HARRISBURG, Pa. (The Center Square) – While medical marijuana is legal in Pennsylvania and there is continued pressure to legalize recreational use, the federal ban has banks and insurance companies reluctant to doing business with marijuana companies.
The risk of following state law but violating federal law complicates efforts to redirect black market drug sales to legal and regulated channels. A bill, SB1167won’t change federal law, but it could expand marijuana-related businesses’ access to financial institutions.
The legislation would explicitly authorize financial institutions and insurers to provide services to cannabis-related businesses. This is complementary legislation to proposed federal legislation to ensure that working with medical marijuana companies would not make other companies criminally liable.
“The SAFE Banking Act expands the provision of financial and insurance services to the state’s legal cannabis businesses by providing a safe harbor from adverse regulatory and legal action,” said Senators John DiSanto, R-Dauphin/ Perry and Sharif Street, D-Philadelphia. in one legislative note.
If passed, it could expand access to medical marijuana.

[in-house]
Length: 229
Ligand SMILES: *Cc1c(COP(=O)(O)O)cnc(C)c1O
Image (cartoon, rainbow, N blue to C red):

“We have taken an important step in dismantling another cornerstone of cannabis prohibition by laying the groundwork for cannabis patients to use insurance to obtain their medications,” Street said in a statement. Press release. “For too long, low-income patients in need of cannabis-based medicines have had their access limited to their ability to pay out of pocket.”
“Medical marijuana patients will never be able to use medical insurance for their legal cannabis medicine until this reform is passed,” Street said.
For businesses, limited access to banking services means they rely solely on cash transactions and need to take extra measures for security.
This problem could worsen in the coming years. Corn the opposition remains, hearings at the General Assembly generally been positive on the legalization of marijuana for recreational purposes. The potential increase in tax revenue has attracted senators, though issues of adjusting state law and federal law remain.